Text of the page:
Non-navigable Waterway ESAsNon-navigable Waterway ESA Setback Requirements
Waterways determined to be non-navigable by the DNR25 feet from non-navigable waterways*
Wetland ESAsWetland ESA Setback Requirements


WDNR Wetland Inventory – Mapped Wetland Area


50-foot buffer area


Areas with wetland indicator soils (no certified wetland delineation has been completed)


50-foot buffer area


Areas with a wetland delineation completed (wetland susceptibility definitions based on NR 151.125 – (Runoff Management) Protective areas performance standard
  • For highly susceptible wetlands, 75 feet***
  • For less susceptible wetlands, 10 percent of the average wetland width, but no less than 10 feet or more than 30 feet***
  • Low-quality wetlands that have a certified delineation and do not contain any exemptions listed in Wisconsin State Statutes 281.36(4n), and have DNR Wetland Exemption or a General/Individual permit, do not have a wetland setback****
Steep Slope ESAsSteep Slope ESA Setback Requirements


Land within 20 feet from the top and bottom of steep slopes that are 20% or greater and that overlap with a buffer of another ESA (like wetland or navigable stream).


20 feet from the top and bottom of the slopes*****
Other Significant Natural Resources

Including (on a case-by-case basis) river and stream headwaters, groundwater recharge areas, unique woodlands, high- value wildlife habitat areas, geologic and natural area sites and wet, poorly drained, and organic soils, and areas identified in the Wisconsin Land Legacy Report and where rare plants, animals, and natural communities are known to be located as identified in Wisconsin’s Natural Heritage Inventory.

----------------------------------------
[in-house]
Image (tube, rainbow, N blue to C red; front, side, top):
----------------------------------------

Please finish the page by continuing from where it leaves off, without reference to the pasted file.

* The 75-foot ESA setback from navigable waterways and 25-foot ESA setback from non-navigable waterways should be defined using lines that are, at minimum, parallel to the waterway. Points and straight lines may be used to define the boundary; however, in no instance shall the resultant straightened line be closer than the designated ESA width.
** The 30-foot ESA setback to floodways should be defined using points that are 30-feet from the actual ESA. The points should be connected with a straight line that is surveyed and scaled, similar to a meander line. In no instance shall the resultant straightened line be closer than 20-feet from the actual ESA.
***The wetland boundary shall be made in accordance with NR 103.08 (1m)
****Additional information for low-quality wetlands is outlined in this chapter in this chapter in Definitions, 4. Wetlands d). Low-Quality Wetlands.
*****The 20-feet ESA setback to steep slopes should be defined using points that are 20-feet from the actual ESA. The points should be connected with a straight line that is surveyed and scaled, similar to a meander line. In no instance shall the resultant straightened line be closer than 15-feet from the actual ESA.

ESA's and the Brown County Land Division and Subdivision Ordinance

In an effort to be more proactive in protecting ESAs defined by NR 121 and adopted witihin the Brown County Sewage Plan, Brown County Planning incorporated the same ESA language and protective areas (setbacks) as elements of land division reviews.  This effort makes property owners and developers aware of areas that are not able to be disturbed near the begining of a project timeline so that building and site layouts can be planned accordingly.
ESA Amendments
Additional Information on Sewer Service Area Planning and Environmentally Sensitive Areas